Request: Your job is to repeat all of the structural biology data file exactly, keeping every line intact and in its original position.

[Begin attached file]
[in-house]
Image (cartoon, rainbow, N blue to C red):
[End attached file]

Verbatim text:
[in-house]
Image (cartoon, rainbow, N blue to C red):